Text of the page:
The death and destruction which came to Ilford, 66 years ago
THERE was no warning, no sound, no siren, just death, frantic rescuers looking for signs of life among homes turned into charred rubble.
Amidst the terror stood a 14-year-old boy who 66 years on, vividly remembers the bombing campaign waged on Ilford.
John Barfoot was in his last few weeks at Loxford School when, on Thursday, October 26, 1944, a German V2 rocket projectile crashed on to Courtland Avenue, off The Drive, Ilford.
The attack wrecked eight houses, killed eight people and wounded 30 and signalled the start of a five-month campaign of terror which was to claim 100 lives in Ilford and its surrounding districts and seriously injured 435.
“With the V1 flying bombs, we could hear them coming a long way off and there were air raid sirens,” says Mr Barfoot, 80, of Ilfracombe Gardens, Chadwell Heath.
You may also want to watch:
“But with the V2 rockets we had no warning.”
A few weeks later, the youngster, who at the time of World War Two was living in Windsor Road, Ilford, covered window frames shattered by the silent killer as part of his work for a building company.
- 1 Police appeal to find girl, 12, last seen in Wanstead Park
- 2 Primary schools in Redbridge rated outstanding by Ofsted
- 3 Seven Kings man charged in connection with alleged sex assault on boy
- 4 East London road and rail disruptions to travel this weekend
- 5 Weather warning in place with east London set for thundery weekend
- 6 Dispersal order issued ahead of fears over ‘illegal music events’
- 7 Walk-in Covid vaccinations on offer at Valentines Park health fair
- 8 Update: Man charged in connection with alleged sex assault
- 9 Ilford mother 'could have been saved' and NHS 'failed' her, family tells inquest
- 10 Goodmayes racer Alex Lynn and title leader Sam Bird preview London E-Prix
The dad-of-two and grandfather-of-one said: “My memories are of seeing the devastation caused by the rockets.
“I remember the rescuers searching and when they blew whistles there would be a deathly hush while they tried to locate people buried under the rubble.
“It was an experience that made a real impression on me at 14.”
Thirty-five V2s landed on Ilford and its surrounding districts, with the Ilford Hippodrome badly damaged after an attack of January 12, 1945.
It was that attack which Mr Barfoot says was his most “terrifying” moment of the V2 rocket campaign, when he feared, it would prove wrongly, his mother had been caught up in the blast.
“Looking back, people seemed to just carry on with their daily lives,” said Mr Barfoot. “Then, all of a sudden, there would be this massive explosion.”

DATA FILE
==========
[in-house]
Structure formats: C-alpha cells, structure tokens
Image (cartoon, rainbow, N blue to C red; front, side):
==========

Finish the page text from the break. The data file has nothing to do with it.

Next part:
On March 3, 1945, three weeks before the final V2 fell on Ilford, Mr Barfoot saw the devastation caused by an attack in Breamore Road, Seven Kings.
Only years later did he learn the attack on the road, which he saw as part of a call out with the building firm he worked for, claimed the lives of his future wife’s grandparents.
The devastating V2 rockets were about 46ft long and 5ft 6ins in diameter.
The launching of the rockets ended when the territory on mainland Europe from where they were fired was overrun by allied armies towards the end of the war.
Another person who remembers what is was like living in Ilford when it experienced the V2 onslaught, is Leonard Beacham.
The 83-year-old was living in Mortlake Road, Ilford, when the Germans launched their rockets on the town.
The grandfather-of-four said: “I think because I was quite young, it probably helped me to deal with what was going on.”
He added: “It was strange because you had no warning of an attack, it just happened.
“The V2s caused a lot of devastation. Ilford was badly hit.”
Mr Beacham was living with his mother in their two-bedroom home when the V2s were launched.
They followed the V1s, known as doodlebugs.
Thirty-four V1s fell on Ilford and its surrounding areas from June 16, 1944 to August 16, 1944.
That bombing campaign killed 60 people and seriously injured 242.
Speaking of the V2 attacks, Mr Beacham, now of Guildford, said: “I remember seeing faces of people who had lost loved ones.
“People tried desperately to find survivors in some of the attacks but you knew just by looking around that people had been needlessly killed.
“They were silent but that did not mask how deadly they were.”